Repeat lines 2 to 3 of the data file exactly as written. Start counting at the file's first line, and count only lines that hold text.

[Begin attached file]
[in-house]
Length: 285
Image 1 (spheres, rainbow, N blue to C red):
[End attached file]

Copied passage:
Length: 285
Image 1 (spheres, rainbow, N blue to C red):